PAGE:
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The format of this material is standardised for commercial app stores, consisting of a written app description and, optionally, screenshots or videos of app functions.Within this restricted context, the extent to which scientific evidence is presented as a potential marker of quality for health apps is unclear.Seventy-three apps were coded, and the majority (64%) claimed effectiveness at diagnosing a mental health condition, or improving symptoms, mood or self-management.
Forty-seven apps (§4, 47/73, 64%) also provided some form of statement supporting use of the app (although this is the same number as provided claims of effectiveness, this represents a different, but overlapping, set of apps).
The most common form of support was the use of scientific language (§4.a, 32/73, 44%), although eight of these apps used general terms (e.g.
A preliminary investigation by the authors previously reported that, for apps clinically relevant for depression, 38% of app store descriptions included wording related to claims of effectiveness, whereas only 2.6% provided evidence to substantiate such claims.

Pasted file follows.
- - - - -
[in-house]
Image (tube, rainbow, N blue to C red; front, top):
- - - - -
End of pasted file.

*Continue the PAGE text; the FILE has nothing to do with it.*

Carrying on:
This study aims to extend this preliminary analysis to further understand how scientific evidence is currently used to market and sell mental health apps by (i) examining the types of claims made by mental health apps and, specifically, estimating the proportion of apps that invoke claims of effectiveness; (ii) describing the types of supporting statements used to justify claims and, specifically, estimating the proportion of apps which invoke scientific principles; and (iii) assessing the credibility of scientific principles that are used as supporting statements.
This study examined the claims invoked through these app store descriptions, the extent to which scientific language is used to support such claims, and the corresponding evidence in the literature.
Google Play and i Tunes were searched for apps related to depression, self-harm, substance use, anxiety, and schizophrenia.
A minority of apps (14%) described design or development involving lived experience, and none referenced certification or accreditation processes such as app libraries.
Scientific language was the most frequently invoked form of support for use of mental health apps; however, high-quality evidence is not commonly described.
The majority of apps (59/73, 81%) described a single mental health-related functionality; fewer apps described two (8/73, 11%) or three (3/73, 4.1%) discrete functions.
Three apps did not clearly describe any specific functionality (3/73, 4.1%).